His father, a pharmacist, influenced Edward toward the study of medicine, which he pursued at the University of Pennsylvania. He united with the M.E. Church April 29, 1832, and was licensed as an Exhorter the next year. Indiana Asbury (now DePauw) University gave him the degree of D.D. in 1846, and Ohio Wesleyan that of LL.D. in 1855.
The following July, Thomson was recommended for admission to the Ohio Annual Conference, and he was received "on trial" that September. He was appointed junior preacher on the Norwalk Circuit. His great abilities were apparent almost immediately. In 1836 he was appointed to Detroit in the Michigan Annual Conference (the northern part of Ohio then being a part of the Michigan Conference). Lewis Cass, Governor of Michigan, though a Presbyterian, was among Rev. Thomson's parishioners. While at Detroit, Thomson married a daughter of Mordecai Bartley, a U.S. congressman and later also a governor.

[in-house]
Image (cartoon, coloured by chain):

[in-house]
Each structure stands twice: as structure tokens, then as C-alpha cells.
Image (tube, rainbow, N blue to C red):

In 1837 Thomson became the Principal of the Norwalk Seminary, where his success was so great that in 1843 he was offered the Chancellorship of the University of Michigan and the Presidency of Transylvania College. In 1844 Edward was elected by the M.E. General Conference as the editor of the Ladies' Repository, an important denominational periodical. He was re-elected to this post in 1848, but instead was called to the Presidency of Ohio Wesleyan University, a post he held until 1860. He was elected editor of the Christian Advocate in 1860, remaining until 1864 despite much opposition.
Elected to the Episcopacy in 1864, Bishop Thomson continued in this office until his death. He likewise attained high rank as a lecturer and an editor, writing much for periodicals and papers. He was a profound student, though absent-minded, preferring the seclusion of a college to the episcopal "office." Notwithstanding, he was among the most eminent of Bishops of that time.